All entries for Monday 29 January 2007

January 29, 2007

Book 3/50 – 'Interpersonal Relationships'

3 out of 5 stars

This is in fact an A-level Psychology text, in effect. It isn’t too challenging – I read it to get a broad introductory overview of modern thinking about relationships. Almost a literature review, in under two hours. (Before you ask, I am aware of the irony of reading a book about relationships, rather than actually going out and having some.)

So first, it is possible to categorise types of relationships, and types of love. There are a few models that researchers have come up with, but it is generally possible to tease out some distinct components – Rubin had ‘attachment’, ‘caring’ and ‘intimacy’, for instance. Next, it is possible to identify the factors that make relationship formation more likely – important are proximity (the more you see each other, the more likely you are to develop a relationship), similarity (in terms of backgrounds, interests…), physical attraction (obviously), reciprocal liking (you like people who you think like you), and some level of social competence. This is all on a very descriptive level.

Next, psychologists have attempted to come up with some theories to explain all of the above – so, learning theory (classical and operant conditioning) were discussed briefly, followed by ‘Social Exchange Theory’ – i.e. modelling relationships like economics. Equity theory seemed to be a variation on this, where you aim to get equitable returns on investment. Finally, sociobiology was considered, and mostly dismissed for being unable to make predictions. Most of these theories are lacking in some aspect or other, it seems to me.

The book continues with some models of how relationships progress, of their dissolution, and certain components and effects. It wraps up with a look at how social and cultural differences can affect all of the conclusions, which up until now were focused on western heterosexual relationships. It is interesting to note that, as undergraduate students are readily available research material, their relationships must be some of the best studied in existence.

Overall, this book wasn’t aimed at me – there was bloat at the beginning about scientific method (although it taught me some useful vocabulary), and there was bloat at the end with revision questions for A-level students. The coverage of the topics in the middle was necessarily shallow – still, it served its purpose, in highlighting the main points of the subject.

Book 2/50 – 'Motivation and Personality'

4 out of 5 stars

I partially read this over Christmas, but at least finished it this year… it’s necessary for context of certain books that follow, anyway, so I’m writing about it. I actually sought it out after seeing a reference to Maslow in a satirical article in the sports section of the Guardian, of all places – I remembered being told about a ‘pyramid’ of needs at one point during my childhood, but this was obviously misremembered by one of us – the more common term is the hierarchy of needs. So, off I went to read about it.

The first part of the book is devoted to this hierarchy – discussing need gratification theory, and so on. The idea is, once one level of needs are satisfied in a person, higher level needs will start to appear. So, it starts with basic physiological needs like food and water, and once those are satisfied the person will want to feel safe, and then to love and friendship, up to self-esteem and respect, and finally ‘self-actualisation’, the need to fulfil one’s potential. Conversely, if one level is taken away, the person will become dissatisfied – and normally, all actions will be directed towards satisfying that need.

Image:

‘Self-actualisation’ is an interesting concept – it differs from the other needs in that it is about growth, rather than deficiency of something. The second part of the book goes on to discuss self-actualising people further – Maslow’s ideas here are reminiscent of Nietzsche’s concept of the Übermensch, and indeed, in one of his other books which I’m presently reading, he makes reference to Nietzsche and the existentialists. It is interesting, because Maslow’s ideas are based firmly around psychologically healthy people, rather than the neurotic patients of Freud, say.

The third main part of the book poses a number of questions for future research – in fact, there is at least one chapter that is just a list of topics as short sentences. Maslow did not always restrict himself to traditional scientific methods of investigation – the section on self-actualising people is based upon his personal observations of a small sample size. Still, arguably he has good reasons for this – how would one go about studying self-actualising people in the laboratory? Maslow is always aware of how tentative his conclusions must be, if any can be drawn at all – but perhaps this was necessary in order to retain ecological validity, and because there was no prior research in this area.

I’m not going to draw conclusions on Maslow until I’ve finished at least one other book of his I’m reading, but Motivation and Personality has certainly provoked some interesting avenues of investigation, so it was well worth reading.

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From 20th August 2007, this blog is no longer being updated. For something more recent, please visit Tim Retout’s website.

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